In fact, since Ben Bernanke made known his intent to ease monetary policy on August 29, longer-term rates have edged up. So rising asset and commodities prices are due not to falling long-term rates, but to expectations of rising future revenue streams. Investors, evidently, anticipate either rising output, rising prices or, most likely, some of both.
Why Mr Feldstein considers the recent modest rise in commodities and asset prices (the S&P is still more than 20 per cent below its 2007 all-time high) to be a bubble is not clear. Does he believe that with 15m US workers unemployed, expectations of increased output are irrational? Or does he believe the Fed incapable of causing the price level to increase? It would be odd if it were the latter, because Mr Feldstein goes on to insist that QE is dangerous because it may cause an “unwanted rise in inflation”?
Perhaps Mr Feldstein thinks that expectations of rising prices and rising output are inconsistent with expectations that interest rates will not rise sharply in the future, so that asset prices must take a hit when interest rates finally do rise. But he acknowledges that expectations of future inflation may allow real rates to fall into negative territory to reflect the current dismal economic climate. Since August 29, rates on inflation-adjusted Tips bonds have fallen below zero. Rising asset prices indicate the expectation of QE is inducing investors to shift out of cash into real assets, presaging increased real investment and a pick-up in recovery.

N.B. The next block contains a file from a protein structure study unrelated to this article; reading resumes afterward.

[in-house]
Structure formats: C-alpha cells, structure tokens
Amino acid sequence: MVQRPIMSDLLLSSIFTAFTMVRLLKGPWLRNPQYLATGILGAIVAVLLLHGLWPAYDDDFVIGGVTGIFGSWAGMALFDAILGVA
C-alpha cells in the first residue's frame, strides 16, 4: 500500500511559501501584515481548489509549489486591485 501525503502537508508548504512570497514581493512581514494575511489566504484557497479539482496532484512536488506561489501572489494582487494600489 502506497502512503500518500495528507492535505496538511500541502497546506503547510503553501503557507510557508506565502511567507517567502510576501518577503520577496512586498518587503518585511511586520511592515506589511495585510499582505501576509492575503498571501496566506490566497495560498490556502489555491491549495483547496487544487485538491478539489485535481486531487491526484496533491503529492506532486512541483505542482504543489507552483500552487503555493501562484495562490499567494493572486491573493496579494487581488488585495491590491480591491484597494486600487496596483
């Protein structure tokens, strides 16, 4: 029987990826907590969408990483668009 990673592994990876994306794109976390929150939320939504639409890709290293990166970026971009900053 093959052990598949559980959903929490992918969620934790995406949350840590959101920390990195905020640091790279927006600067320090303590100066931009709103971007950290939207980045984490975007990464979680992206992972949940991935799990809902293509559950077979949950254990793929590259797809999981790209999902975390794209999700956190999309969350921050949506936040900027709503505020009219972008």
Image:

Why then is inflation “unwanted”? Mr Feldstein maintains that it would jeopardise the credibility of the Fed’s long-term inflation strategy. But it is not clear why Fed credibility would be jeopardised more by a temporary increase, than by a temporary decrease, in inflation, or, indeed, why credibility would be jeopardised at all by a short-term increase in inflation to compensate for a prior short-term decrease? The inflexible conception of inflation targeting espoused by Mr Feldstein, painfully articulated in Federal Open Market Committee minutes, led the Fed into a disastrous tightening of monetary policy between March and October 2008, while the US economy was falling into a deepening recession because of a misplaced concern that rising oil and food prices would cause inflation expectations to run out of control.
Two years later, Mr Feldstein, having learnt nothing and forgotten nothing, is urging the Fed to persist in its earlier mistake because of a neurotic concern that inflation expectations may soar amid massive unemployment and idle resources.
Well, that’s my story and I’m sticking to it.